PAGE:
As the Court noted, to succeed on this aspect of the claim, Fresco did not have to show that every Class Member was owed overtime compensation, only that some Class Members were owed compensation because they were not paid as a result of the operation of CIBC's overtime policies and record-keeping practices. It is not a question of how many employees were denied compensation. Instead, the question is how employees were denied compensation, which Justice Belobaba found, and the Court of Appeal agreed, was as a result of the overtime policies and record-keeping system, supporting the decision that the overtime policies and record-keeping system were institutional impediments.
Aggregate Damages: The Test is Met
Access to damages determined in the aggregate in a class action is governed by section 24 of the Class Proceedings Act, which sets out the requirements to determining the aggregate (or part of a defendant's) liability.
On the earlier appeal of the certification motion, the Court had refused to certify the aggregate assessment of damages as a common issue. The basis on which it did so was mainly because the "sampling" methodology first proposed by Fresco's expert could not be reliably used to determine aggregate damages. Yet Fresco sought an order on the summary judgment motion directing an assessment of aggregate damages, or certifying aggregate damages as a new common issue. Justice Belobaba determined that the new methodology proposed by Fresco on the motion was not based on sampling and differed from the methodology rejected by the Court on the certification motion. As a result, Justice Belobaba was satisfied that the "reasonable possibility" hurdle under section 24 of the Act was cleared and certified another common issue: Can the defendant's monetary liability be determined on an aggregate basis? If so, in what amount?
On the present appeal, the Court found that Justice Belobaba properly expressed the standard for certifying aggregate damages—determining whether there is a "reasonable likelihood" that the methodology suggested by Fresco's expert can determine damages in the aggregate, without proof by individual class members. The newly proposed methodology is, as Justice Belobaba found, credible or plausible enough to establish some basis in fact for the commonality requirement. The Court confirmed that any conflicts between the parties' experts on damages will ultimately be resolved by the trial judge, but that is not the role of the certification motion judge.
Limitations Defence: The Requirement for Individual Discoverability and Extra-Provincial Application of the Class Proceedings Act
Applying the statutory discoverability requirements under Ontario's Limitations Act (and its analogues in Saskatchewan and Alberta), the limitation periods begin to run as soon as the claimant reasonably discovers that they have sustained a loss, that the loss was caused by the defendant, and, that taking legal action was the "appropriate means." The Court agreed with Justice Belobaba's findings that the first two branches of the test were met. The discoverability issue hinged on the third branch—whether Class Members knew taking legal action was appropriate.
Justice Belobaba found that the "appropriate means" requirement was not met and gave two main reasons for so finding: (i) some (or perhaps, many) of the Class Members feared reprisal if they sued CIBC for unpaid overtime; and (ii) some (or perhaps, many) of the Class Members reasonably relied on CIBC's repeated misrepresentations that its overtime policies complied with federal labour law. As a result, Justice Belobaba concluded that these issues required individual assessments of when discoverability was met for an individual claimant. This reflected the general rule that the viability of a limitations defence is best determined on an individual basis with individual assessments.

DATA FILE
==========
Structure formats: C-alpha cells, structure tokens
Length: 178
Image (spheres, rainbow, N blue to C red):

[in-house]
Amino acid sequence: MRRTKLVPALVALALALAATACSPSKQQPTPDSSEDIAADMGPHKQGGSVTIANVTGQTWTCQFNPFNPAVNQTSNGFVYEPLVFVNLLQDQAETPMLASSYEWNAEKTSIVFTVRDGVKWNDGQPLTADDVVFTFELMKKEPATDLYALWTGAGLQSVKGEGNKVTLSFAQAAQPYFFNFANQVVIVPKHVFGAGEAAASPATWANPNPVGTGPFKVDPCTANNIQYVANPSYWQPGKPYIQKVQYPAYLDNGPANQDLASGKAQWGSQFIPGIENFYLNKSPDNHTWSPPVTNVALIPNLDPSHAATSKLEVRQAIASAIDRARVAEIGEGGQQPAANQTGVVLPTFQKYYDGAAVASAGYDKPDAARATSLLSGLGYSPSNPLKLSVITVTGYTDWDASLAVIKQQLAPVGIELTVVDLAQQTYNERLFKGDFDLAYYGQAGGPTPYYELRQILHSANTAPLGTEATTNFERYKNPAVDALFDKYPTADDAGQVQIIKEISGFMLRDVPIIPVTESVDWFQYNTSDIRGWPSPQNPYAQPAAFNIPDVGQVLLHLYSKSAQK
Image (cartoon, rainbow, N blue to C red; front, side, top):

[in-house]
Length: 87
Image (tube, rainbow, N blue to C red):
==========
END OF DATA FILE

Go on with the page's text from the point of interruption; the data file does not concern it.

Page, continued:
The Court of Appeal rejected the first reason, that Class Members may fear reprisal as a valid basis on which the limitations period could be suspended, but found merit in Justice Belobaba's second reason—the Class Members' purported reliance on CIBC's misrepresentations. As a result, the Court found that the influence of this factor on individual class members is a matter best left to individual assessment and relegated to the individual hearings phase.
The Court did not give effect to CIBC's other argument on the limitations appeal that whether a class member knew that a proceeding was an "appropriate means" only applied to claims where applicable limitations statutes included discoverability language (i.e., Ontario, Saskatchewan and Alberta). The Court found that whether the "appropriate means" criterion is an element of the common law discoverability rules was a question to be decided on the individual assessments and not on a class-wide basis.
As for the issue of the extra-provincial application of section 28 of the Act, CIBC argued that as this class action has a national reach, with class members across the provinces, and because limitation periods affect the substantive rights of the Class Members and CIBC, they fall within the provincial power over "property and civil rights" under section 92 of the Constitution Act, 1867. As a result, CIBC maintained that section 28 of the Act—which suspends the running of limitation periods in favour of Class Members— should not apply to suspend the limitation periods of Class Members who reside outside of Ontario.
The Court of Appeal agreed with Justice Belobaba's conclusion that ruling on the extra-territorial applicability of section 28 would be premature (because, even though the issue may arise again at the individual hearings stage, the litigation may never reach such a stage). The Court also declined to remit the question back to Justice Belobaba for resolution and reiterated the principle that courts should not unnecessarily decide constitutional questions.